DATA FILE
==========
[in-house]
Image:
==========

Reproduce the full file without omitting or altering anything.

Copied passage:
[in-house]
Image: